Accident description
Last updated: 24 April 2014
Status:Final
Date:Tuesday 8 August 2000
Time:15:44
Type:Silhouette image of generic DC93 model; specific model in this crash may look slightly different
McDonnell Douglas DC-9-32
Operator:AirTran Airways
Registration: N838AT
C/n / msn: 47442/524
First flight: 1970
Engines: 2 Pratt & Whitney JT8D-9A (HK3)
Crew:Fatalities: 0 / Occupants: 5
Passengers:Fatalities: 0 / Occupants: 58
Total:Fatalities: 0 / Occupants: 63
Airplane damage: Substantial
Airplane fate: Written off (damaged beyond repair)
Location:Greensboro, NC (   United States of America)
Phase: En route (ENR)
Nature:Domestic Scheduled Passenger
Departure airport:Greensboro/High Point-Piedmont Triad International Airport, NC (GSO/KGSO), United States of America
Destination airport:Atlanta-William B. Hartsfield International Airport, GA (ATL/KATL), United States of America
Flightnumber: 913
Narrative:
A smell of smoke was noticed on the flightdeck shortly after takeoff from Greensboro. The crew immediately donned oxygen masks and smoke goggles.
At an altitude of 7,000 feet and 15 miles south of Greensboro, the pilot radioed the airport's tower about their problems. The smoke became very dense and restricted the crew's ability to see both the cockpit instruments and the visual references outside the airplane. The cabin crew noticed a smell of smoke, followed by a visual sighting of smoke and sparks in the area of the forward flight attendant jumpseat. The flight crew was able to identify the Greensboro airport and make a successful emergency landing. The airplane was immediately stopped, and an emergency evacuation was conducted on a taxiway. The Board's initial investigation found extensive heat damage to wires and insulation in the electrical panel behind the captain's seat. The heat was sufficient to blister the primer on the fuselage crown skin. Four crew members received minor injuries from smoke inhalation in-flight and one passenger received a minor injury during the evacuation. The airplane was substantially damaged from the effects of fire, heat, and smoke.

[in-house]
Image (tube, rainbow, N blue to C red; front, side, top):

PROBABLE CAUSE: "A phase-to-phase arc in the left heat exchanger cooling fan relay, which ignited the surrounding wire insulation and other combustible materials within the electrical power center panel. Contributing to the left heat exchanger fan relay malfunction was the unauthorized repair that was not to the manufacturer's standards and the circuit breakers' failure to recognize an arc-fault."

Events:



Sources:
» NTSB


Photos

photo of McDonnell Douglas DC-9-32 N938VV
DC-9-32 N938VV was reregistered N838AT
Add your photo of this accident or aircraft
 

Map
This map shows the airport of departure and the intended destination of the flight. The line between the airports does not display the exact flight path.
Distance from Greensboro/High Point-Piedmont Triad International Airport, NC to Atlanta-William B. Hartsfield International Airport, GA as the crow flies is 489 km (306 miles).

languages: English Franšais Nederlands Deutsch Espanol

Share
Share